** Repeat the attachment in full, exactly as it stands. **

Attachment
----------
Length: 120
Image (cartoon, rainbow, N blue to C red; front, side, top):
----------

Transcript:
Length: 120
Image (cartoon, rainbow, N blue to C red; front, side, top):